DO Navarra, Vega Sindoa, 750 ml
A fine fruity and well structured wine with scents of exotic citrus fruits of Viura and caramel, butter and elderflower of Chardonnay grape. On the palate it presents itself rich in extracts and fullbodied. Paradoxically, it has a delicate, elegant fruity note and a racy-spicy aftertaste.
|Origin:||Spanien / Navarra|
|Grape variety:||Viura, Chardonnay|
|Ripening potential:||1 to 3 years|
|Serving temperature:||10 to 12 °C|
|Food pairing suggestion:||Italian antipasti, Whole baked fish, Saltimbocca|
|Vinification:||fermentation in steel tank, soft pressing, fermentation at low temperatures|
|Maturation:||in steel tank|
Bodegas Vega Sindoa
The vineyards for the Vega Sindoa wines are in the heart of Navarre, in the Valle de Nekeas, the valley where the wine lives, as the locals say. The 6th leg of the pilgrim’s path to Santiago de Compostela leads through this charming hilly landscape, where wine has been grown for centuries.
In this area, protected to the north by the Pyrenees, a wide variety of vines – Chardonnay, Viura, Moscatel, Viognier, Tempranillo, Cabernet, Merlot, Garnacha, Syrah and Malbec – enjoy superb climactic and soil conditions. The climate is shaped both by the Atlantic Ocean and the Mediterranean Sea. The vineyards are situated at altitudes between 450 and 650 metres above sea level, with varying orientations and on very different soils. This wide variety of factors helps to ensure that the individual grape varieties are planted to grow in perfect harmony with their environment.
King or beggar?
Hardly any variety of vine shows such a broad spectrum of quality as the Chardonnay. Its wines range from faceless neutrality to breath-taking class. It is an extremely low-maintenance vine, which explains why it is grown around the world – even in places where it probably should not be. The aromas of the Chardonnay variety are not very pronounced: a bit of green apple, a little hazelnut; in warmer latitudes, also melon and exotic fruits. The wines are often defined by maturing in casks. They develop more or less subtle notes of butter, toasted bread and vanilla. The grapes achieve their highest expression in their region of origin, Burgundy. Its heart beats in the Côte de Beaune: one might think of the plant growth of Meursault or Puligny-Montrachet. With their finesse and complexity, they can survive for decades. Chardonnay also achieves first class in some Blanc-de-Blancs champagnes. It additionally yields great wines in the Burgundian Chablis, and increasingly in Australia and Chile. A simple rule of thumb for pairing with food: When butter and cream are involved, you cannot go wrong with Chardonnay.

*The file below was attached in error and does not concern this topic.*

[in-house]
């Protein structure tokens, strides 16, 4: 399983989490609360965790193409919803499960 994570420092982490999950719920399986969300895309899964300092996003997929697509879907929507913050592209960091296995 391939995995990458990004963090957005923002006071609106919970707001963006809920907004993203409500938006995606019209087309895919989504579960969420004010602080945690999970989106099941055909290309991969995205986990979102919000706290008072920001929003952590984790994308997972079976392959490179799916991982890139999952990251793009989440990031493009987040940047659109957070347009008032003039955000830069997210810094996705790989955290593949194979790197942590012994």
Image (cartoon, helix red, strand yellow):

For fruity cava and white Rioja
Still or sparkling: the Macabeo can do both. In its native Catalonia, it forms, with Parellada and Xarello, the triumvirate of cava grapes. It gives the sparkling wine its fresh apple fruit; the Parellada provides elegance, and the Xarello contributes body and fullness. Pressed as a still white wine, the Macabeo smells of apple, pear, flowers and herbs. A light almond note often comes as well. This can be tasted in the classic white wines from Rioja: they are made from this variety, which there is called Viura. The Macabeo – also spelled Macabeu – migrated from northern Spain across the border into French Roussillon.
Navarre: a land of many terroirs
Until 1841, Navarre was an independent kingdom with a rich wine culture. Thanks to varying soil types and equally diverse climatic influences, Navarra has an amazing array of wines. The spectrum ranges from substantial Chardonnays to drinkable rosés to red wines, where international varieties such as Cabernet Sauvignon and Merlot often set the tone along with Tempranillo and Garnacha. Exquisite sweet wines from Moscatel grapes are also vinified here.
Spain – Variety and perfection
“Somewhere in la Mancha, in a place whose name I do not care to remember...,” begins Don Quixote's odyssey.
The most famous part is definitely when Don Quixote thinks windmills are his enemy and wants to fight them – until they nearly kill him. It’s possible there was a bit too much of the La Mancha wine at play. Spanish vines fight for their survival in rugged landscapes, battling fierce drought and rough soils. But they fight well.